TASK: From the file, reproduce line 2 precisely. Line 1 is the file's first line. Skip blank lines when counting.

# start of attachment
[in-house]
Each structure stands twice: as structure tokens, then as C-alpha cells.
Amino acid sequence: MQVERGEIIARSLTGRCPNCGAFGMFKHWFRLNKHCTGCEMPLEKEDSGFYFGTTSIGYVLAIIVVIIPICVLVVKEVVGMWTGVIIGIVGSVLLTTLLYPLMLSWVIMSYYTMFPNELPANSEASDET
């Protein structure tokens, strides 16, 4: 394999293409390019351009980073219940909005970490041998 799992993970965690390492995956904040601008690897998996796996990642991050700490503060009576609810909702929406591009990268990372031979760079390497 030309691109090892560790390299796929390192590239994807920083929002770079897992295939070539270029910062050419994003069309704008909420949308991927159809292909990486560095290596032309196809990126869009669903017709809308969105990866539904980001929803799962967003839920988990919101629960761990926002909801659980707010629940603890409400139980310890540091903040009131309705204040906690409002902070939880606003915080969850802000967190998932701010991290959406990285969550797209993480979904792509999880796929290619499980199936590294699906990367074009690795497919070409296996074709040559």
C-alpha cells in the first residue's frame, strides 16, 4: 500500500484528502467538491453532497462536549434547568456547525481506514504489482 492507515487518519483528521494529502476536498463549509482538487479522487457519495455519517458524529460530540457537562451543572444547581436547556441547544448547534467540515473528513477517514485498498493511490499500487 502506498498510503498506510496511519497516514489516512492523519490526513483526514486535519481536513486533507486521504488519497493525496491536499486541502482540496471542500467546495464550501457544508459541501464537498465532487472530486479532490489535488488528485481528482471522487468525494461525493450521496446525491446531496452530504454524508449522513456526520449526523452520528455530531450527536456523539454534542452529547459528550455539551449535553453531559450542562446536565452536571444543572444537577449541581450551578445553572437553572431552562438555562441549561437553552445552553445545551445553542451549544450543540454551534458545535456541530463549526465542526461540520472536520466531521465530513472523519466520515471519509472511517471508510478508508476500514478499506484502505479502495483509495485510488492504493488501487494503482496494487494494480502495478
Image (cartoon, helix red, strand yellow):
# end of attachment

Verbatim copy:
Each structure stands twice: as structure tokens, then as C-alpha cells.